Hungary eases repayment rules for some loans under moratorium By Reuters
BUDAPEST (Reuters) – Hungary’s government has eased repayment rules for retail credit card loans and overdraft credit as part of an extended debt moratorium, the latest in a string of gifts for households ahead of next year’s election.
The government of Prime Minister Viktor Orban decided Monday to prolong the moratorium that had been in effect since March 2020 for certain vulnerable groups, until at least mid-2020.
This scheme will also be extended to pensioners and families that have or are expecting children. It will also apply to public workers who work for the government, as well as borrowers with incomes below last year’s.
In the face of tight elections, Orban gave out handouts to the electorate, such as a $2 billion income tax rebate to families and scrapping the income tax for young workers. He also offered home renovation grants, extra pension payments, and additional income tax refunds.
According to Wednesday’s government decree, Hungary’s banks must recalculate their retail credit cards and overdraft credit in order to use the lower interest rates.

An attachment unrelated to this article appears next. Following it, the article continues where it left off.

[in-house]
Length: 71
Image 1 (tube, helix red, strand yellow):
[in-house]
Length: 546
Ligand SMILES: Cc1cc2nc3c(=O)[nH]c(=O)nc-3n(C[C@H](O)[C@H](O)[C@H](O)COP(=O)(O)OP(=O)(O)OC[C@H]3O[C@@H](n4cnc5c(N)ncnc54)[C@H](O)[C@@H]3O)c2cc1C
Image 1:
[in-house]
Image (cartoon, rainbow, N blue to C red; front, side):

According to portfolio.hu financial news, the measure may affect more than 500,000 borrowers and cost banks from $20 billion to $30 billion ($68 million to $102 millions). Because the loan amounts are being recalculated at a consumer interest rate of 12%, the maximum amount to be charged to borrowers is about 12%.
The lenders will be allowed to collect any owed repayments within 60 days. In the first half, local banks made a profit of 405 Billion Forints ($1.37B).
Hungarian Banking Association spokesperson declined immediate comment. OTP Bank is Hungary’s largest lender.
OTP shares were 0.3% more expensive at 18,350 Forints as of 0828 GMT. This is in line with blue-chip index. OTP shares gained 34% in the last six months. This is more than the 18% gain of the wider market over that time.
($1 = 295.47 forints)
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